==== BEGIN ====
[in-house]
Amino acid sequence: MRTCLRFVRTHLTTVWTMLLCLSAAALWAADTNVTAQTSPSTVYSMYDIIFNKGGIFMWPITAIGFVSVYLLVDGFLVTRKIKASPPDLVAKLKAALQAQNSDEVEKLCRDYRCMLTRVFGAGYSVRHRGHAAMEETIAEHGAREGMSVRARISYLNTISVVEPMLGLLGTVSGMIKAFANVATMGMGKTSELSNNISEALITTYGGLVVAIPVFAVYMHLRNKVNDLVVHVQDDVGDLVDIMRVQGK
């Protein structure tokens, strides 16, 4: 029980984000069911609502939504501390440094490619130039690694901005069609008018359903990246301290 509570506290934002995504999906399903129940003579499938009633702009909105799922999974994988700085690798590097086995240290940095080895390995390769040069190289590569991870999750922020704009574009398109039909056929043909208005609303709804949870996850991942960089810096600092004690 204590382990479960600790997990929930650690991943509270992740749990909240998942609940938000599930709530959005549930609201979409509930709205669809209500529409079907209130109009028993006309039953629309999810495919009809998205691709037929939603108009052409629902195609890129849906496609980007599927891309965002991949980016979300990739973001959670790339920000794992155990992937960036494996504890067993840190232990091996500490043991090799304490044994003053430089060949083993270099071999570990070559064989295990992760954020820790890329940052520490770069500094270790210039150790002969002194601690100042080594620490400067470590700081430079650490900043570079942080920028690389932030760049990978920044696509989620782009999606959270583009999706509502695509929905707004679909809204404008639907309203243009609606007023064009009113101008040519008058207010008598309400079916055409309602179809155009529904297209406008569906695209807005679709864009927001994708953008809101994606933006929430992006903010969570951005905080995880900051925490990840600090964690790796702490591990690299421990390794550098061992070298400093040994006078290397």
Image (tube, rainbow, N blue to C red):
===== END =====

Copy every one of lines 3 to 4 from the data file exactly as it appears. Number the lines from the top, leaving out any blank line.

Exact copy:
């Protein structure tokens, strides 16, 4: 029980984000069911609502939504501390440094490619130039690694901005069609008018359903990246301290 509570506290934002995504999906399903129940003579499938009633702009909105799922999974994988700085690798590097086995240290940095080895390995390769040069190289590569991870999750922020704009574009398109039909056929043909208005609303709804949870996850991942960089810096600092004690 204590382990479960600790997990929930650690991943509270992740749990909240998942609940938000599930709530959005549930609201979409509930709205669809209500529409079907209130109009028993006309039953629309999810495919009809998205691709037929939603108009052409629902195609890129849906496609980007599927891309965002991949980016979300990739973001959670790339920000794992155990992937960036494996504890067993840190232990091996500490043991090799304490044994003053430089060949083993270099071999570990070559064989295990992760954020820790890329940052520490770069500094270790210039150790002969002194601690100042080594620490400067470590700081430079650490900043570079942080920028690389932030760049990978920044696509989620782009999606959270583009999706509502695509929905707004679909809204404008639907309203243009609606007023064009009113101008040519008058207010008598309400079916055409309602179809155009529904297209406008569906695209807005679709864009927001994708953008809101994606933006929430992006903010969570951005905080995880900051925490990840600090964690790796702490591990690299421990390794550098061992070298400093040994006078290397």
Image (tube, rainbow, N blue to C red):